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  1. Aristotle’s Empiricist Theory of Doxastic Knowledge.Hendrik Lorenz & Benjamin Morison - 2019 - Phronesis 64 (4):431-464.
    Aristotle takes practical wisdom and arts or crafts to be forms of knowledge which, we argue, can usefully be thought of as ‘empiricist’. This empiricism has two key features: knowledge does not rest on grasping unobservable natures or essences; and knowledge does not rest on grasping logical relations that hold among propositions. Instead, knowledge rests on observation, memory, experience and everyday uses of reason. While Aristotle’s conception of theoretical knowledge does require grasping unobservable essences and logical relations that hold among (...)
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  • The Unity of Virtue: Plato’s Models of Philosophy.Mary Margaret McCabe - 2016 - Aristotelian Society Supplementary Volume 90 (1):1-25.
    Plato gives us two model philosophical figures, apparently in contrast with each other—one is the otherworldly philosopher who sees truth and reality outside the cave and has the knowledge to rule authoritatively within it; the other is the demotic figure of Socrates, who insists that he does not know but only asks questions. I consider Plato’s contrasting idioms of seeing and asking or talking, and argue that the rich account of perception that is represented in the Republic requires both idioms, (...)
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  • Colloquium 4: The Method of Hypothesis in the Meno.Hugh Benson - 2003 - Proceedings of the Boston Area Colloquium of Ancient Philosophy 18 (1):95-143.
  • Una vida sin examen no merece ser vivida por el hombre: variaciones "socráticas" en Epicteto.Marcelo D. Boeri - 2012 - Kriterion: Journal of Philosophy 53 (125):81-102.
  • Leibniz on Innate Ideas and Kant on the Origin of the Categories.Alberto Vanzo - 2018 - Archiv für Geschichte der Philosophie 100 (1):19-45.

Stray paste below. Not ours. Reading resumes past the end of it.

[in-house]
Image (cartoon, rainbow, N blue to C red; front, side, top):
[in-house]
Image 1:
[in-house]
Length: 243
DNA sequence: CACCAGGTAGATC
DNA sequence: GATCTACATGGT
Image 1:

In his essay against Eberhard, Kant denies that there are innate concepts. Several scholars take Kant’s statement at face value. They claim that Kant did not endorse concept innatism, that the categories are not innate concepts, and that Kant’s views on innateness are significantly different from Leibniz’s. This paper takes issue with those claims. It argues that Kant’s views on the origin of the intellectual concepts are remarkably similar to Leibniz’s. Given two widespread notions of innateness, the dispositional notion and (...)
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  • Leibnizin pienet havainnot ja tunteiden muodostuminen.Markku Roinila - 2018 - Havainto.
    Keskityn siihen miten Leibnizilla yksittäiset mielihyvän tai mielipahan tiedostamattomat havainnot voivat kasautua tai tiivistyä ja muodostaa vähitellen tunteita, joista tulemme tietoisiksi.
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  • The Origin and Aim of Posterior Analytics II.19.David Bronstein - 2012 - Phronesis 57 (1):29-62.
    Abstract In Posterior Analytics II.19 Aristotle raises and answers the question, how do first principles become known? The usual view is that the question asks about the process or method by which we learn principles and that his answer is induction. I argue that the question asks about the original prior knowledge from which principles become known and that his answer is perception. Hence the aim of II.19 is not to explain how we get all the way to principles but (...)